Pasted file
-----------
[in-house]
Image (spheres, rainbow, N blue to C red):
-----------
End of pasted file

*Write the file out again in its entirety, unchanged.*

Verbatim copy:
[in-house]
Image (spheres, rainbow, N blue to C red):